A portable outdoor cooker constructed according to the preferred embodiment of the present invention is indicated generally at 10 in FIG. 1. The cooker includes a round, sheet-like heat transfer plate 12 with an upwardly facing convex cooking surface 14, an opposed lower surface 16, and a downwardly dependent outer rim 18 disposed about the perimeter of the surfaces. A drip pan 20 is disposed under the outer rim to collect any juice that may run off the outer rim. Drip pan 20 includes at least one waste hole 22 positioned over a receptacle 24 to collect waste from drip pan 20. Heat transfer plate 12 includes at least one handle 26 to facilitate manual movement of the heat transfer plate between an operative position on the cooker, as shown in FIG. 1, and an inoperative position removed from the cooker, as shown in FIG. 2. A cover 27 may be used to protect the grill surface when the grill is not in use, and to allow the cooking surface to be covered while food is being cooked to trap heat. A handle 29 may be attached to cover 27 to make cover 27 easier to manipulate.
In the preferred embodiment, the convex cooking surface has a height of convexity between ¼ and ¾ of an inch. The convexity of the cooking surface is illustrated in FIG. 3. The diameter of the convex cooking surface is preferably between 18 and 36 inches in diameter, with 30 inches believed to be an optimal balance of cooking surface area and weight. While larger diameters provide more cooking area, it is believed that a surface larger than 36 inches would be too heavy and require too much heat to be suitable for use in a portable device. In order to minimize weight, a lightweight yet rigid material, such as formed mild steel or stainless steel, is used for constructing the heat transfer plate. It is believed that the heat transfer plate must weigh less than 60 pounds to be manually moveable and more preferably less than 45 pounds.
Cooker 10 also includes a frame assembly 28 that supports various parts of cooker 10. Frame assembly 28 includes burner supports 30, a shell 32 with open top and bottom ends 34 and 36, and a suspension device, such as a support ring 38, mounted along the upper portion of shell 32. Burner supports 30 are disposed within shell 32. Suspension device or support ring 38 is configured to support and position heat transfer plate 12. This can be accomplished in any suitable manner. In the preferred embodiment, as shown in FIG. 3, bottom surface 16 of heat transfer plate 12 includes one or more alignment brackets 40 configured to precisely accept heat transfer plate 12. When heat transfer plate 12 is in the operative position, alignment brackets 40 center heat transfer plate 12 on support ring 38. The size and position of the alignment brackets prevent the heat transfer plate from tipping off support ring 38. Furthermore, the size and position of the alignment brackets are configured to cause a symmetrical discharge of exhaust fumes from burner fuel combustion, thus the heated air and combustion products from the burner are guided through the space beneath bottom surface 16 of heat transfer plate 12 to evenly heat the convex cooking surface.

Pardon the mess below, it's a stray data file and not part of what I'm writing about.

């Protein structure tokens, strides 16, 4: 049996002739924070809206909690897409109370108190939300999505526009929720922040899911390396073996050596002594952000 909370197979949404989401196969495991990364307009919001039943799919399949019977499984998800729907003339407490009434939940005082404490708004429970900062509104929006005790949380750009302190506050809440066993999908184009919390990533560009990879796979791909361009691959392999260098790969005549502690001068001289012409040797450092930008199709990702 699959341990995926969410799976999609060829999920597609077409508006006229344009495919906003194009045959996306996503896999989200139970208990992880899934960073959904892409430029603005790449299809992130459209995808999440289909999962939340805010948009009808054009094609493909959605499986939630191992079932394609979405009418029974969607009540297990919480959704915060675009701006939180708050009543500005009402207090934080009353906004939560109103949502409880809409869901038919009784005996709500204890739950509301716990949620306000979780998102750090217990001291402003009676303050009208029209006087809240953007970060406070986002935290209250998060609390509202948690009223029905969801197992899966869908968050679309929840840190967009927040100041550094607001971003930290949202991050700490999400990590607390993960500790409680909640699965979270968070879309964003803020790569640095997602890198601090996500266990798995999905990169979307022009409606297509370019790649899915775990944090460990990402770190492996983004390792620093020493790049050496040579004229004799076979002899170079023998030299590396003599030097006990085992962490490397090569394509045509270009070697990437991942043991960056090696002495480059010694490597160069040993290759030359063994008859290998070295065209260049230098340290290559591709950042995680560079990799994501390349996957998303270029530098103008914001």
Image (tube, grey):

Shell 32 includes three L-shaped brackets 42 which center and support drip pan 20 so that drip pan 20 is disposed in the proper location just below the downward rim 18 of heat transfer plate 12. The size and position of drip pan 20 serve as a barrier to help prevent bodily approach to the heated cooking surface.
Frame assembly 28 also includes a stand 44 as shown in FIG. 1, which preferably includes three legs 46. In the preferred embodiment, legs 46 are made of formed sheet metal to provide adequate support and stability to heat transfer plate 12. However, legs 46 may also be made of any suitable material that will provide strength to the stand, especially while cooker 10 is being moved. Legs 46 are further strengthened and supported by struts 48. Two wheels 50 are attached to an axle 52 that is joined to the lower ends of two legs 46. Wheels 50 facilitate movement of the cooker from one place to another. A utility rack 54 mounted to the lower portions of legs 46 contains axle 52. Utility rack 54 may include a liquid propane bottle mounting bracket 56 and a liquid propane bottle securing clamp assembly 58. Preferably, liquid propane bottle securing clamp assembly 58 provides thumbscrews that clamp that may hold an American National Standards Institute ANSI certified LP bottle 60.
The cooker includes one or more burners 62 disposed beneath the heat transfer plate within shell 32, as shown in FIGS. 1-2 and 4. By locating burners 62 within shell 32, the latter is able to act as a wind deflector to prevent disturbance of the burner flames by wind. Burners 62 are also protected from the wind by a deflector 64 mounted within the shell and located just below the burners such that sufficient air flow may still pass through shell 32 for burners 62 to operate properly. Because of the large size of cooking surface 14, a large amount of energy is required to achieve adequate heating. Burners 62 preferably occupies 25-75% of the area under the heat transfer plate in order to supply sufficient heat thereto and is preferably formed from two or more concentric rings, here shown as three rings 62 a, 62 b, and 62 c. Concentric rings 62 a-c are beneficial in satisfying the large heat requirement of convex cooking surface 14. As shown in FIG. 1, in the preferred embodiment outer burner 62 a is disposed beneath the cooking surface adjacent the perimeter of cooking surface 14, inner burner 62 c is disposed beneath the cooking surface adjacent the center of cooking surface 14, and middle burner 62 b is disposed between outer burner 62 a and inner burner 62 b.